# Bekenstein Bound for the BH entropy?

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Hi I'm writing in the hope that someone can help me to understand my confusion on a question. It's about the upper limit of entropy S or information I, which can be contained in a limited region of space that has a finite amount of energy. I looked at the formula and thought that if my energy is constant (say it is a one solar mass) and the radius, for example, starts approaching the zero, entropy it will be quite small. At some point, when the radius becomes equal to the Schwarzschild Radius, the object will become a black hole which it has a certain entropy. But In General Theory of Relativity mass will continue to shrink into a smaller and smaller region, which means smaller and smaller entropy. But it is known that the black hole has defined entropy, as long as something does not come into it. In this line of thought, does this mean that after we passes the Schwarzschild Radius, the Bekenstein bound is not a solution for the BH interior? Or everything is fine the value for the entropy is preserved and all we need is а better understanding for what is happening with the mass after the Schwarzschild Radius?

Greetings!

Edited by RedShiftam

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Once a BH is formed ( mass-enrgy collapses through the Schwarzshild radius ), the entropy is encoded on the surface area of the event horizon  ( which is at the Schwarzschild radius ).
it does not follow the further collapse to a possible point.

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Yeah i know that! But the Bekenstein Bound doesn't tell you this. I mean the Schwarzschild radius is a special case. The mass still collapses. I thing that the formula must be writen in some other way in wich it keeps the entropy a constant even after the Schwarzschild radius and preserv all other cases.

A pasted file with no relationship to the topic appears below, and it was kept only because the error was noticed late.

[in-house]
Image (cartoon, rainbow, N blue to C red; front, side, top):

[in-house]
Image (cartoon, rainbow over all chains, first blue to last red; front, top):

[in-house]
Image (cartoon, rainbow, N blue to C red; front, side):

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Not sure I understand the problem.

The Bekenstein Bound is the maximum entropy ( or information ) that can be stored within a given volume of space.
Upon exceeding this limit, that volume must necessarily collapse into a Black Hole.

It was Bekenstein and Hawking who introduced the idea that A BH's entropy, or the information it contains, is stored on the surface of the event horizon. I.E. as the Bound is exceeded more and more, the area of the event horizon keeps getting larger and larger.
The conditions inside the event horizon, and the original mass-energy that underwent collapse, are no longer relevant to discussions of entropy and information.

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On 25.12.2018 г. at 5:59 AM, MigL said:

The conditions inside the event horizon, and the original mass-energy that underwent collapse, are no longer relevant to discussions of entropy and information.

Ok and why is that? Clearly the formula doesn't say that. You can put any value for a radius.I mean that there are so many possible configurations of Energy and radius in the formula. My point is that the Bekenstein Bound formula must be written in some other way in which you can see the conservation of the entropy of a black hole.

Edited by RedShiftam

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Once the Bekenstein Bound is exceeded, the original information ( mass-energy ) collapses into a BH and throws up a 'curtain' which limits access to the interior of the Event Horizon.
This 'curtain' is one way only; Mass-energy can enter, but cannot leave.
So that while mass-energy ( information ) can still travel to the interior of the EH, The only change it can make is to the area of the EH by increasing it.

The Bekenstein Bound is only valid up to the point where it is exceeded, and collapse to a BH is mandated.
( I would think that is evident in its name, 'Bound' as in boundary.